Many of us have experienced pulling out a pair of shoes from storage, only to be greeted with a stench of mold. Our first instinct would be to throw the kicks away. However, it’s not too late to save them. Today, we’re answering the question: how to remove mold from shoes.
Whether you live in a humid climate or left your winter boots in storage for too long, mold is almost inevitable. We’ve gathered a few tips for getting rid of harmful spores and restoring your shoes.
Here’s how to remove mold from shoes:
- Brush off visible spores.
- Disinfect with rubbing alcohol.
- Wipe down with mild detergent.
- Let air dry.
- Treat with leather conditioner.
What Causes Mold on Shoes?
Mold is a rough fungus, capable of spreading and growing on almost anything, including shoes and clothes. Wherever there’s excessive moisture, such as leaks, damp corners or wet insoles, mold can accumulate.
Shoes are especially susceptible to mold growth. The dark, warm, moist environment of footwear creates the perfect lair for fungus to thrive. The insoles, for example, are prone to dampness from perspiration, whereas the outer materials remain exposed to outside elements. If you don’t dry your shoes properly, this eventually leads to moldy smells.
Another risk factor is if you’ve been in contact with spores and bring them home with you. Mold particles in the air can spread and attach to your clothes and shoes. You could also step on a moldy surface and carry it home that way.
If there is any moisture left on your shoes, the spores will continue to grow.
How to Prevent Mold on Shoes in Closet?
Mold is prone to grow in closets, which can affect anything that you store inside, including shoes and bags. It generally develops due to high humidity or leaky plumbing—it can even migrate through the ceiling from the attic.
Here are a few ways to prevent mold in your closet:
- Keep everything as dry as possible. If you’re coming from a rainy walk, let your shoes dry completely before storing them. The same goes for your laundry—avoid hanging anything that’s still wet—the spores can easily spread to your shoes.
- Avoid leaving dirty clothes or shoes in the closet. Make sure that everything is clean before putting it away. Mold loves to feed on dirt or food debris, and if one piece gets infested, it can quickly spread.
- Take out all the plastic, including dry-cleaning bags. Don’t place your shoes in plastic bags, thinking it will protect them—the material traps humidity, which encourages mold growth.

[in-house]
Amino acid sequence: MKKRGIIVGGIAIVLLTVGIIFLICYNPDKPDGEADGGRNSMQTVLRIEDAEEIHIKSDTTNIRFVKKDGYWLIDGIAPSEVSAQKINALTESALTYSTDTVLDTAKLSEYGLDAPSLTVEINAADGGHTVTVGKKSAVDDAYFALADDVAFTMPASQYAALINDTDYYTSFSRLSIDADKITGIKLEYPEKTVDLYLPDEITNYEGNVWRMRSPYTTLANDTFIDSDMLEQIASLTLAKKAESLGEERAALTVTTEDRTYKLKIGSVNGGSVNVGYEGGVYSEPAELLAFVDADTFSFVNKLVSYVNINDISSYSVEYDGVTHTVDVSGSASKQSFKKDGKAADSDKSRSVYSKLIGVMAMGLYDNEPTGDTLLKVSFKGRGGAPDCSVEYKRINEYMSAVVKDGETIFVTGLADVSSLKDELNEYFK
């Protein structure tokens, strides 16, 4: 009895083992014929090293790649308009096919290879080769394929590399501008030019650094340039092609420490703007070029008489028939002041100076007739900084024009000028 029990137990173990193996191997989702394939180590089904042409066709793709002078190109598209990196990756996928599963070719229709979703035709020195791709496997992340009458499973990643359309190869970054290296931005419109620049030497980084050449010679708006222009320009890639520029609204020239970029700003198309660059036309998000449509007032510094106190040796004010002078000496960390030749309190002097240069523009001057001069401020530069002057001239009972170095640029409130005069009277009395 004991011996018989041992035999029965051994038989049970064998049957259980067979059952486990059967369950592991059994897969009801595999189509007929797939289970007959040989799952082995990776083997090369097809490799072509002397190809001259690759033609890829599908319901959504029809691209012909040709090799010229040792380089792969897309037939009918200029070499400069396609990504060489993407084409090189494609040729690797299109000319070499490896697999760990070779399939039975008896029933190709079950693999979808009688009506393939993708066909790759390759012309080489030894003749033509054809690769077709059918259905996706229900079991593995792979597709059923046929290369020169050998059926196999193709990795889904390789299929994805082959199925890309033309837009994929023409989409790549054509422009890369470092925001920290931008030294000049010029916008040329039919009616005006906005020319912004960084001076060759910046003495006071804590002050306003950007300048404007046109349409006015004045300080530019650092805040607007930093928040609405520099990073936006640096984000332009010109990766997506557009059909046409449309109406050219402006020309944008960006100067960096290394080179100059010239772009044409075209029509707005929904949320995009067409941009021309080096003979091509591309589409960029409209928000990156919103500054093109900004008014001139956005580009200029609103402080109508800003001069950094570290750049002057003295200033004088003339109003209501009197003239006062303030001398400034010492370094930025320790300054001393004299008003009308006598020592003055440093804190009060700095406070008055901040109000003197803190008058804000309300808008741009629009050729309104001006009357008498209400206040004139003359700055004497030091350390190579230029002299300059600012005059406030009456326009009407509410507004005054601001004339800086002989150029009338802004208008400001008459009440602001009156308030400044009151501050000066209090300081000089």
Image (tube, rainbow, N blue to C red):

- Don’t leave items on the closet floor. Instead, move what you can to shelves in case of leaks that could lead to excessive moisture and eventually mold.
- If the humidity is high in your home, keep the closet doors closed as much as possible. This will prevent damp air from entering, which, in turn, prevents mold.
- Try to include the closet in your monthly cleaning routine. Once a month, or every two months, take the items out, dust off everything, vacuum the floor and walls and let some fresh air run through.
- Don’t ignore musty or moldy smells. Follow the reek to the source and, if you can, clean it out. If the smell comes from behind the wall, contact a certified contractor.
- Consider leaving the lights on inside the closet as often as possible. Because mold requires moisture to survive, the warmth from a light bulb could help keep the atmosphere dry.
- If you have wooden shelves, consider replacing them with wire. These allow air to circulate and are much more mold-resistant than wood.
- If you don’t have issues with high humidity in your home, consider changing your closet doors to louvered doors. These let fresh air enter, keeping the atmosphere inside much less mold-friendly.
- If high humidity is an issue, consider a dehumidifier, like the SEAVON New Electric 2020 Mini. Such options are compact and can easily be placed in the corner. It will draw out excess moisture from the air, preventing wet walls and mold.
- Install energy-efficient light bulbs that won’t take a toll on your energy bill if you’re going to leave them on. Also, to avoid a fire hazard, don’t place them too close to clothing and fabrics.
- Hanging dehumidifier bags in the closet is another way to keep moisture at bay, especially if you live in a humid climate. One example is the Vacplus Moisture Absorber Packets, which allows you to see just how much moisture it absorbs.
- Silica gel packets, like these from Dry & Dry, are another option for small to medium closets. Such small containers are easy to place between clothing items and inside shoes that you’re storing.
How to Remove Mold From Shoes
Below we’ve included two guides on how to remove mold from leather and suede shoes.
How to Remove Mold From Leather Shoes
This is what you need:
- Soft-bristled brush.
- Bucket or container.
- Cloths and sponges.
- Rubbing alcohol.
Here’s how to remove the mold:
- If possible, start by taking everything outside. Being in an indoor space puts you at a higher risk of inhaling spores.
- Take your soft-bristled brush and clear away visible spores on the shoes. If you don’t have a brush, a dry, clean cloth will do.